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Postpartum Thyroiditis

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Pregnancy related image Photo: Getty Images

Postpartum thyroiditis is inflammation of the thyroid gland that occurs at any point within the first year after childbirth. Around 5 percent of new mothers will experience it.

During pregnancy, the mother's immune system is partially suppressed. It is thought that this is to keep the mother's body from making antibodies that could reject the developing baby. Postpartum thyroiditis is thought to be a rebound reaction of the immune system suppression that occurs during pregnancy and causes antibodies to be formed that attack the thyroid gland.


Postpartum thyroiditis can lead to hyperthyroidism or hypothyroidism (producing too much or too little of the thyroid hormone). Symptoms include:

• Feeling overly warm or not coping with cold weather
• Rapid heartbeat
• Anxiety
• Lack of concentration
• Loss of memory
• Fatigue
• Weakness
• Muscle cramps
• Weight gain (or loss)
• Constipation

During the postpartum period, it is common for women to suffer from mood symptoms such as anxiety and loss of concentration. Sometimes these symptoms may be mistaken for the normal stresses and strains of adjusting to life with a new baby or even postpartum depression, when they are in fact caused by thyroid dysfunction.

If you are having any of these symptoms, see your doctor for blood testing as it may not be caused by the "baby blues".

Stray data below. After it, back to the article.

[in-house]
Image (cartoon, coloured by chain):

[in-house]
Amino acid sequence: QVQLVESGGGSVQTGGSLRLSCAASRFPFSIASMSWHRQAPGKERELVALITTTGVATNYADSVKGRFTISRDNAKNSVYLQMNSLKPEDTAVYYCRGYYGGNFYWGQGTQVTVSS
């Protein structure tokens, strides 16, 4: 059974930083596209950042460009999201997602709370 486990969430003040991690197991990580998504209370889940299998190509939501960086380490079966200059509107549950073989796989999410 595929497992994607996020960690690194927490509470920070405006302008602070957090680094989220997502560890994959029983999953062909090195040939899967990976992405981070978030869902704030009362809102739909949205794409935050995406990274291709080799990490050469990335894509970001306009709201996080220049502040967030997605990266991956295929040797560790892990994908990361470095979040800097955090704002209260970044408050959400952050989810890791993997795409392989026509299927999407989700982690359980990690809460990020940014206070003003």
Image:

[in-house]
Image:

Women who have had thyroiditis before, or who have had postpartum thyroiditis after a previous pregnancy are at a greater risk of having it again.

Women who have smoked, even if they have quit, are also at a greater risk of thyroid inflammation after pregnancy. There is some evidence that women who have had postpartum thyroiditis may have an increased risk of cardiovascular disease when they are older.


A blood test can be given to check for levels of thyroid hormones and thyroid-stimulating hormones that can indicate whether the thyroid is over or underactive, and paired together, a physical examination can check for an enlarged thyroid gland.

A test called radioactive iodine uptake can also be done.

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We value and respect our HERWriters' experiences, but everyone is different. Many of our writers are speaking from personal experience, and what's worked for them may not work for you. Their articles are not a substitute for medical advice, although we hope you can gain knowledge from their insight.



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